Do you know the password for the personal email account of your competitor, former employee, or ex-husband? While the temptation to review the email of a previous ally turned adversary may be strong, you must resist.
If you do not have express permission to access another person’s web-based email account—such as those found on Yahoo!, Hotmail and Gmail —such activity could land you in hot water. Indeed, you risk not only civil liability but criminal liability too. In addition, since information – even illegally obtained—cannot be “unlearned,” it is best to keep your personal email passwords private and change them frequently.
If you were given permission to access another person’s email account at some point, changed circumstances might mean that such authorization is no longer be adequate.
In a recent Massachusetts case, two doctors who were shareholders in a medical clinic exchanged personal email account passwords to enable them to share specific information prior to the clinic’s acquisition of a remote-access software solution. Cheng v. Romo, 2013 WL 6814691 (D. Mass. Dec. 20, 2013). Several years later, one of the doctors had a business dispute with the other doctor’s husband that resulted in litigation.
In an effort to help her husband, the doctor tried the access the Yahoo! email account of her former business partner using his years-old password and voila, it worked! She accessed the email account, and printed a series of emails that her husband used in his business litigation. Eventually, the wife’s involvement in obtaining the emails came to light.
After the dispute between the husband and the other doctor resolved, the wife’s former partner sued her under the federal Stored Communications Act and for invasion of privacy. The case proceeded to trial, and the jury found her guilty, awarding damages to the doctor in excess of $300,000.
Exercise caution when accessing another’s email not only in business matters, but in personal matters, too. In Michigan, an information technology professional was involved in a custody dispute with his ex-wife. He correctly guessed the password to her Gmail email account, accessed the emails and used them during the custody proceedings.
The Michigan Court of Appeals found this was enough to prosecute him with violating of Michigan’s Unauthorized Access of a Computer statute (MCL 752.795). People v. Walker, 2011 WL 6786935 (Mich. Ct. App. Dec. 27, 2011) aff’d, 491 Mich. 931 (Mich. 2012). Notably, according to media reports, before trial it was discovered that that the defendant’s ex-wife had been illegally accessing his text messages, and the prosecutor decided to drop the charges.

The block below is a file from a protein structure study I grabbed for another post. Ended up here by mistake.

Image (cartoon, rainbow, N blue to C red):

Your situation might not be so fortuitous.
If you need to know information that is contained in another person’s email account, you should use legal channels to get the information. The consequences for snooping in another person’s personal e-mail account can be significant.
Add a comment
- Commercial Liability
- Commercial Real Estate
- Commercial Leasing
- Business Risk Management
- Business Torts
- Civil Litigation
- Real Estate
- Real Estate Mortgages
- Commercial Loans
- Alternative Dispute Resolution (ADR)
- Mortgage Foreclosure
- Damages Recovery
- Shareholder Liability
- Tax Law
- Risk Management
- Fraud Activity
- Cyber Attack
- Class Action
- Product Liability
- Biometric Data
- Banking Law
- Statute of Limitations
- Noncompete Agreements
- Internet Law
- Consumer Protection
- Residential Liability
- Zoning and Planning
- Department of Education (DOE)
- Fair Debt Collection Practices Act
- Fair Credit Reporting Act
- Unfair Competition
- Uniform Commercial Code (UCC)
- My 5 Lessons Learned from the COVID-19 Pandemic
- Am I at Fault for Breach of Contract if the Other Party Breached It First?
- Maximizing Damages Recovery in Michigan's District Courts Challenged by Jurisdiction Limits
- Proliferation of Security Cameras, Drones Doesn't Necessarily Reduce Reasonable Expectation of Privacy Under the Law
- Does Sympathy or Empathy Have a Place in the Courtroom?
- No Light Yet at End of COVID-19 Real Estate Tunnel
- When are Clear, Unambiguous Contracts Nonetheless Ambiguous?
- What the Future may Hold for Michigan Real Estate Foreclosures and Evictions
- The Dispute Subject to Arbitration, or is it? Who Decides?
- Illinois Supreme Court Slams Courthouse Door on Non-residents' Product Liability Claims Against Non-resident Defendants for Injuries Suffered Outside State